- Treatment or prophylaxis of osteoporosis using bisphosphonates, calcium and vitamin D may be necessary.
- Side-effects and toxicity caused by drug therapy.
- Complications of inflammatory bowel disease (IBD).
- Ocular complications due to uveitis.
- Secondary amyloidosis of Crohn's disease (CD).
- Loss of mobility and increasing disablement in severe cases of axial arthritis (rare).
This is dependent very much on the specific underlying cause. Inflammatory bowel disease (IBD)-related arthritis tends to carry the worse long-term prognosis, particularly where there is severe axial involvement. The use of TNF-alpha antagonists is offering new hope in treating severe cases. The majority of cases are amenable to useful therapy and maintain an active and independent lifestyle.
Disability can be circumvented in those who suffer axial arthritis, by the maintenance of an exercise programme to preserve spinal mobility. There are no known strategies to prevent inflammatory bowel disease (IBD) or arthropathy in its sufferers.
Further reading & references
- Leukapheresis for inflammatory bowel disease, NICE Interventional Procedure Guideline (2005)
- Guidelines for the management of inflammatory bowel disease in adults, British Society of Gastroenterology (2011)
- Guidelines for Osteoporosis in Inflammatory Bowel Disease and Coeliac Disease, British Society of Gastroenterology (2007)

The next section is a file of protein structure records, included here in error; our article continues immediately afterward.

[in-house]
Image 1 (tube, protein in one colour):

- Infliximab for the sub-acute manifestations of ulcerative colitis, NICE Technology Appraisal Guidance (April 2008)
- PCSG: Primary Care Society for Gastroenterology.
- Kim T et al.; Pathogenesis of ankylosing spondylitis and reactive arthritis. Curr Opin Rheumatol. 2005 Jul;17(4):400-5 [abstract].
- Crohn's and Colitis UK
- Keat A; ABC of rheumatology. Spondyloarthropathies. BMJ. 1995 May 20;310(6990):1321-4.
- Minerva P, Enteropathic Arthropathies, Medscape, Dec 2008
- Holden W, Orchard T, Wordsworth P; Enteropathic arthritis. Rheum Dis Clin North Am. 2003 Aug;29(3):513-30, viii.
- Wollheim FA; Enteropathic arthritis: how do the joints talk with the gut? Curr Opin Rheumatol. 2001 Jul;13(4):305-9.
- Keat A; Reiter's syndrome and reactive arthritis in perspective. N Engl J Med. 1983 Dec 29;309(26):1606-15.
- Madisch A, Miehlke S, Lindner M, et al; Clinical course of collagenous colitis over a period of 10 years. Z Gastroenterol. 2006 Sep;44(9):971-4.
- Reveille JD, Arnett FC; Spondyloarthritis: update on pathogenesis and management. Am J Med. 2005 Jun;118(6):592-603.
- Van den Bosch F, Kruithof E, De Vos M, et al; Crohn's disease associated with spondyloarthropathy: effect of TNF-alpha blockade with infliximab on articular symptoms. Lancet. 2000 Nov 25;356(9244):1821-2.
- Crohn's disease - infliximab (review) and adalimumab (review of TA40), NICE Technology Appraisal (May 2010)
- Infliximab for the treatment of acute exacerbations of ulcerative colitis, NICE Technology Appraisal Guidance (December 2008)
|Original Author: Prof Cathy Jackson, Dr Sean Kavanagh||Current Version: Dr Richard Draper||Peer Reviewer: Prof Cathy Jackson|
|Last Checked: 19/08/2011||Document ID: 1644 Version: 23||© EMIS|